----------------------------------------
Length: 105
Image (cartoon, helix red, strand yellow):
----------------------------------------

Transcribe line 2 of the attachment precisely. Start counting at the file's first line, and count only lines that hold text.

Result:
Image (cartoon, helix red, strand yellow):